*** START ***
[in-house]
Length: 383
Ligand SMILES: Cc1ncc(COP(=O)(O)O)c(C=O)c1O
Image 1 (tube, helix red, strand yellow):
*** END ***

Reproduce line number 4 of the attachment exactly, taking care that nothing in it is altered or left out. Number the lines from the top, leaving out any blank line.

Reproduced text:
Image 1 (tube, helix red, strand yellow):